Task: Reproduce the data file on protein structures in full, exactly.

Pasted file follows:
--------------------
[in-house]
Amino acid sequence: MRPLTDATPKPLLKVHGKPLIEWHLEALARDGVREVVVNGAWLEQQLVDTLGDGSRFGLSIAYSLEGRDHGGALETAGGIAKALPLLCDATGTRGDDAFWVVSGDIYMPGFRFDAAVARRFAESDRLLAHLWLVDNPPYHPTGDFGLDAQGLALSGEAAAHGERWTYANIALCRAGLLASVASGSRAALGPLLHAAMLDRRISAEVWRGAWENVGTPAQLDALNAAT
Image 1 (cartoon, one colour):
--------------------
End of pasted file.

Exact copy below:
[in-house]
Amino acid sequence: MRPLTDATPKPLLKVHGKPLIEWHLEALARDGVREVVVNGAWLEQQLVDTLGDGSRFGLSIAYSLEGRDHGGALETAGGIAKALPLLCDATGTRGDDAFWVVSGDIYMPGFRFDAAVARRFAESDRLLAHLWLVDNPPYHPTGDFGLDAQGLALSGEAAAHGERWTYANIALCRAGLLASVASGSRAALGPLLHAAMLDRRISAEVWRGAWENVGTPAQLDALNAAT
Image 1 (cartoon, one colour):